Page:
I had my own suite in Adams’s majestic Westmorly Court, across the hall from where Franklin Delano Roosevelt lived as an undergraduate. It was a regal upgrade from my freshman year in Canaday, where I shared a dingy bathroom with nine other women. Yet I still felt a lingering sense of loss. Perhaps it was because my last semester as an undergraduate had just been inaugurated by a largely quiet and isolated move-in, sans the bubbling excitement of the previous three. Or perhaps it was because, unlike freshman year, I hadn’t met my neighbors—and was effectively barred from knocking on their doors and introducing myself. My only social interactions this semester would be planned in advance with close friends, and largely limited to the bleak outdoors until restrictions on socializing are lifted and the weather improves.

After the first 24 hours of quarantine in my room, I took a brief walk outdoors. I lapped the Adams House buildings, walking from Mount Auburn Street, up Plympton Street, across Massachusetts Avenue, and down Bow Street as my fingers grew red and raw. Expecting to see a handful of fellow students also out and about, I was shocked when I recognized no one on my walk. Perhaps that was due to the cold. Still, I craved in-person company and the cozy feeling of community Harvard had gifted me as a freshman.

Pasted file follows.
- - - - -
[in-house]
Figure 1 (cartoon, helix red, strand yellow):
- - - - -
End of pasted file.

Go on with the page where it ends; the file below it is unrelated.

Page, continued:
Nevertheless, standing in my new room that chalky winter afternoon, I was grateful. During a pandemic, Harvard had shown me love, manifested in a fledgling art project aimed at kindling community—and in the heavy brown bag of food I’d picked up in the Science Center and the hodgepodge of snacks and water bottles I discovered waiting for me in my dorm room, along with neatly packaged boxes of face masks and sanitation supplies. Someone cared. This time, I just couldn’t see that person, face-to-face.